Naturally, a pall hung over the show in the fall of 2011, though the Japanese car companies collectively tried to put a positive spin on a crippled industry. And let's not forget two years before that, in the late fall of 2009, the whole world's auto industry was being hammered by the global financial crisis.
So these have not been happy times for a Tokyo show going back nearly 60 years to the first one in 1954. Tokyo over the years had become famous for wild and fanciful concept cars that looked into a possible future with wit and an almost child-like amusement at the possible, even if it might be ultimately unattainable.
The crazy concepts were in short supply in 2013, but something far more telling seems to have happened: the events that so strained the Japanese auto industry appear to have brought the car companies together, not torn them apart.
At a kickoff event the night before the show opened to the world's media, senior executives from all the JAMA members gathered on stage to salute their collective response to the disasters that started with an earthquake on March 11, 2011. Rather than fracture, the car companies – in what insiders say is quite typically Japanese fashion – focused on disaster relief and then rebuilding with an urgency and energy unseen for years and years.
Akio Toyoda led off with a talk about "Monozukuri" which translates into "making things." An island country with few natural resources has long been good at Monozukuri, but that spirit, Toyoda and others suggested, may have gotten lost for a time. It has since been rediscovered and that suggests the rest of the world's auto makers and car buyers should take notice of the 43rd Tokyo show.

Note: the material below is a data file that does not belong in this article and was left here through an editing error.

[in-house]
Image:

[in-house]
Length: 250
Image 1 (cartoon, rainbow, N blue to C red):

One by one, the leaders of Japan's major car companies took the stage to underscore a resurgence of the Japanese car industry. They talked about Japanese craftsmanship and new technologies such as autonomous driving and the electrification of the automobile. Mazda CEO Masamachi Kogai even addressed the big gorilla in the room: "We are not making cars young people want," he said. That must change, they all agreed in a Q and A session.
If nothing else, this year's Tokyo show looks and feels like it's representative of a Japanese auto industry that has emerged from a decades-long bubble of complacency. Perhaps it was the earthquake and following disasters that bust that bubble. Perhaps it's the realization that global competition in this business is at a fever pitch and to survive and thrive, Japanese car companies must be far, far more outward-looking than they've been collectively for many, many years.
The invention that was a hallmark of Japanese car companies seems now to have ben mothered by crises and disasters. These things have hardened the Toyotas, Nissans, Hondas, Mazdas and Mitsubishis of the world – and all of Japans other auto makers, too. The industry in Japan is now looking ahead, using the 2020 Tokyo Olympic Summer Games as a target and as inspiration for innovation. Looking for proof? Cruise the halls of Tokyo Big Sight between now and when the show closes on Dec. 1. You'll find it.